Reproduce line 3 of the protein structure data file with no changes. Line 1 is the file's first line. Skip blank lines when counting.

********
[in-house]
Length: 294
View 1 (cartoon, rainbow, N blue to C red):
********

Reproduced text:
View 1 (cartoon, rainbow, N blue to C red):